SPT15/YER148W Summary Help

Standard Name SPT15
Systematic Name YER148W
Alias BTF1 , TBP1
Feature Type ORF, Verified
Description TATA-binding protein; general transcription factor that interacts with other factors to form the preinitiation complex at promoters, essential for viability (1, 2 and see Summary Paragraph)
Name Description SuPpressor of Ty
Gene Product Alias TBP
Chromosomal Location
ChrV:465303 to 466025 | ORF Map | GBrowse
Genetic position: 110 cM
Gene Ontology Annotations All SPT15 GO evidence and references
  View Computational GO annotations for SPT15
Molecular Function
Manually curated
Biological Process
Manually curated
Cellular Component
Manually curated
Regulators 72 genes
Classical genetics
Large-scale survey
568 total interaction(s) for 165 unique genes/features.
Physical Interactions
  • Affinity Capture-MS: 163
  • Affinity Capture-RNA: 1
  • Affinity Capture-Western: 164
  • Biochemical Activity: 2
  • Co-crystal Structure: 9
  • Co-fractionation: 5
  • Co-localization: 25
  • Co-purification: 6
  • Far Western: 1
  • PCA: 3
  • Protein-peptide: 1
  • Reconstituted Complex: 90
  • Two-hybrid: 11

Genetic Interactions
  • Dosage Growth Defect: 1
  • Dosage Rescue: 40
  • Negative Genetic: 2
  • Phenotypic Enhancement: 1
  • Phenotypic Suppression: 2
  • Synthetic Growth Defect: 9
  • Synthetic Lethality: 14
  • Synthetic Rescue: 18

Expression Summary
Length (a.a.) 240
Molecular Weight (Da) 27,003
Isoelectric Point (pI) 10.16
Phosphorylation PhosphoGRID | PhosphoPep Database
sequence information
ChrV:465303 to 466025 | ORF Map | GBrowse
Genetic position: 110 cM
Last Update Coordinates: 2011-02-03 | Sequence: 1996-07-31
Subfeature details
Most Recent Updates
Coordinates Sequence
CDS 1..723 465303..466025 2011-02-03 1996-07-31
Retrieve sequences
Analyze Sequence
S288C only
S288C vs. other species
S288C vs. other strains
External Links All Associated Seq | Entrez Gene | Entrez RefSeq Protein | MIPS | Search all NCBI (Entrez) | UniProtKB
Primary SGDIDS000000950

SPT15 encodes TATA-binding protein (TBP), an essential general transcription factor involved in directing the transcription of genes by the three nuclear RNA polymerases, I, II, and III (3, 4). TBP is a component of the polymerase I core factor, TFIID, and TFIIIB, which are complexes required for delivering polymerases I, II, and III, respectively, to transcription start sites (reviewed in 5, 6, 7). TBP localizes to promoter sites either by direct binding to a TATA box motif (TATA(a/t)A(a/t)N; 8, 9) or through recruitment by other complexes such as UAF, SAGA, or TFIIIC (reviewed in 5, 6, 7).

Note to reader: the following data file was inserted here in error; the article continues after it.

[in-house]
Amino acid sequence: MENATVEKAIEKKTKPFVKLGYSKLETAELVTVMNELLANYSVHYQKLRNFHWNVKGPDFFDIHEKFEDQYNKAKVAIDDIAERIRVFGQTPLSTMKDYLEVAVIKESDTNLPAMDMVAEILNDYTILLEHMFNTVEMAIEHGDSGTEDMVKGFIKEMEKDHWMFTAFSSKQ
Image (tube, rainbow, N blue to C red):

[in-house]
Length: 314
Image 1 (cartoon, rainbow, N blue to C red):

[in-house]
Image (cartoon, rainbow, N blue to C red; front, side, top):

TBP is one of the few transcription factors highly conserved among all eukaryotes and archaea, though it is not found in eubacteria. Across eukaryotes, the 180-residue core domain shares 80% sequence identity (10). In humans, trinucleotide expansions in TBP lead to the Huntington-like neurological disorder Spinocerebellar Ataxia-17 (OMIM) (11).

In S. cerevisiae, the TBP polypeptide is a 240-residue molecule with a 60 amino acid N-terminal region that is divergent among eukaryotes, and a highly-conserved C-terminal core domain (12). The N-terminal domain has been suggested to inhibit TBP/DNA interaction and to mediate TBP/protein interaction (13). The C-terminus is pseudo-symmetric and saddle-shaped, with amino and carboxyl-terminal stirrups flanking a concave/convex surface. The concave side of TBP primarily binds to the minor groove of DNA, which unwinds the double-helix and induces a dramatic bend in the DNA (14, 9 and references contained therein). The convex side is the site of interaction for many transcriptional activators and repressors (15). The C-terminal stirrup and the concave side of TBP are involved in the formation of TBP homodimers, which serves as a self-regulatory mechanism as these dimers are inactive and must disassociate before the protein is able to bind DNA (16).

Levels of transcription are often regulated by targeting TBP. For example, dimer disassociation and TBP/promoter association are considered the rate-limiting steps in the formation of transcriptional pre-initiation complexes; the slow rate of this process serves to prevent unregulated gene expression (17, 18). Many transcriptional activators, such as the SAGA and mediator complexes, stimulate transcription by facilitating TBP binding to the TATA box (19, reviewed in 20) while transcriptional repressors such as histones, Mot1p, and negative cofactor 2 impede this interaction (21, 22).

As a component of the polymerase I core factor, TFIID, and TFIIIB, TBP is essential for positioning the appropriate RNA polymerase at the transcription start site. Polymerase I (Pol I), which directs the transcription of rRNA, localizes to the promoters of ribosomal genes bound by the upstream activating factor (UAF) and the core factor (CF) (reviewed in 5, 23). UAF binds to a pol I promoter in a sequence-specific manner and then recruits CF to a site in the promoter known as the core domain (23). The core domain overlaps the site of transcription initiation so CF is able to position pol I over the transcription start site and facilitate multiple rounds of transcription (24). Along with TBP, CF is comprised of the subunits Rrn6p, Rrn7p, and Rrn11p (25 and references contained therein). Although initial TBP association with CF is functional but not stable, this interaction is stabilized upon contact with UAF, which is mediated by protein-protein interaction between TBP and the UAF subunit Rrn9p (23).